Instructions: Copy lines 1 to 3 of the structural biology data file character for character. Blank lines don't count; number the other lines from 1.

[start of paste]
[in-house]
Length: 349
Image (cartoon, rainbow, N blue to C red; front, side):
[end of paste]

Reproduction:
[in-house]
Length: 349
Image (cartoon, rainbow, N blue to C red; front, side):